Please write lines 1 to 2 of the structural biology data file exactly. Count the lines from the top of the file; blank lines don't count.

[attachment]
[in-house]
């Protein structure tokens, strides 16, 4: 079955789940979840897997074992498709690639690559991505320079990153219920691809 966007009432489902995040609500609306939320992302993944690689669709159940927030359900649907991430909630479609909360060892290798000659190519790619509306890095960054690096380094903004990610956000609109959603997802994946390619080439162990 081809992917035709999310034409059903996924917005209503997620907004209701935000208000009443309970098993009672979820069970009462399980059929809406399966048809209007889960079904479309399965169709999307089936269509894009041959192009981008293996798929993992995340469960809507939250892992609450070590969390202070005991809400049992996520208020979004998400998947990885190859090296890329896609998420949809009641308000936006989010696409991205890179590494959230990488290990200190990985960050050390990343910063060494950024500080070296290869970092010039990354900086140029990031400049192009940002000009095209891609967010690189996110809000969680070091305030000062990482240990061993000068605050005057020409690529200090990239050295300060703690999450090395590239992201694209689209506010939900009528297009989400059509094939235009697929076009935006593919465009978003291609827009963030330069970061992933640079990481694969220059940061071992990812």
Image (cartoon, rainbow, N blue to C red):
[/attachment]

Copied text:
[in-house]
């Protein structure tokens, strides 16, 4: 079955789940979840897997074992498709690639690559991505320079990153219920691809 966007009432489902995040609500609306939320992302993944690689669709159940927030359900649907991430909630479609909360060892290798000659190519790619509306890095960054690096380094903004990610956000609109959603997802994946390619080439162990 081809992917035709999310034409059903996924917005209503997620907004209701935000208000009443309970098993009672979820069970009462399980059929809406399966048809209007889960079904479309399965169709999307089936269509894009041959192009981008293996798929993992995340469960809507939250892992609450070590969390202070005991809400049992996520208020979004998400998947990885190859090296890329896609998420949809009641308000936006989010696409991205890179590494959230990488290990200190990985960050050390990343910063060494950024500080070296290869970092010039990354900086140029990031400049192009940002000009095209891609967010690189996110809000969680070091305030000062990482240990061993000068605050005057020409690529200090990239050295300060703690999450090395590239992201694209689209506010939900009528297009989400059509094939235009697929076009935006593919465009978003291609827009963030330069970061992933640079990481694969220059940061071992990812």